Diagnosing what is going wrong with your plant is going to take a little detective work, but more important, patience! First of all, don’t panic and don’t throw a plant out prematurely. Take a few deep breaths and work down the list of possible issues. Below, I am going to share some typical symptoms that can arise. When I start to spot troubling signs on a plant, I take it into a room with good lighting, pull out my magnifiers, and begin with a thorough inspection.


My plant isn’t very bushy.

  • Solution: Pinch off stem tips regularly to keep the plant bushy and full. Also, pinch off any small flower spikes that may appear, because they are insignificant and will weaken the show of leaves.

The leaves are yellowing.

  • Plants that are either overwatered or allowed to stagnate in water will develop yellowed, limp leaves.
  • Solution: It is best to use pots that have drainage holes so any excess water can drain out. Keep a close eye on the watering schedule.

My plant is dropping leaves.

  • Leaf drop is usually the result of cold temperatures or drafts.
  • Solution: Relocate the plant to spot that is free from cold or hot drafts

My plant had dry, shriveled leaves.

  • Dry, shriveled leaves usually indicate that the plants are not receiving enough humidity or are receiving too much direct sun.
  • Solution: Use a room humidifier in winter when humidity levels can drop significantly. If your space appears to be humid enough, check out how much sun it is getting. If it’s getting too much direct light and you can’t relocate it, hang a sheer curtain in the window to diffuse the light.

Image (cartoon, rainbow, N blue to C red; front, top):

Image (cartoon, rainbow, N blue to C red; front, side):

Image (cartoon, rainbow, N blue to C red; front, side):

• Insect problems include fungus gnats, mealybugs, or aphids. Infestations should be treated immediately. Keep affected plants isolated to prevent the pests from spreading to other indoor plants.

Common Bugs to Watch For

If you want to have healthy house plants, you MUST inspect them regularly. Every time I water a plant, I give it a quick look-over.  Bugs/insects feeding on your plants reduces the plant sap and redirects nutrients from leaves. Some chew on the leaves, leaving holes in the leaves.  Also watch for wilting or yellowing, distorted, or speckled leaves. They can quickly get out of hand and spread to your other plants.

IF you see ONE bug, trust me, there are more. So, take action right away. Some are brave enough to show their “faces” by hanging out on stems in plain sight. Others tend to hide out in the darnedest of places, like the crotch of a plant or in a leaf that has yet to unfurl.

 

  • Mealybugs look like small balls of cotton. They can travel slooooooowly, but they have a strong will and determination! Though they are slow-moving, if any plant is touching another, there is a chance the mealybug will hitch a ride on a new leaf and spread. They breed like rabbits of the insect world. Females can deposit around 600 eggs in loose cottony masses, often on the underside of leaves or along stems.
  • Aphids are more commonly seen if you place your plants outdoors. Aphids are indeed bugs. They are tiny insects that, along with black, also come in shades of yellow, green, brown, and pink. They are often found on the undersides of leaves.
  • Spider mites are more common on houseplants. They are not insects – they are related to spiders. These appear to be tiny black or red moving dots. Spider mites are nearly invisible to the naked eye. You often need a magnifying lens to spot them, or you may just notice a reddish film across the bottom of the leaves, some webbing, or even some leaf damage, which usually results in reddish-brown spots on the leaf.

Toxicity

This plant is 100% pet safe and non-toxic.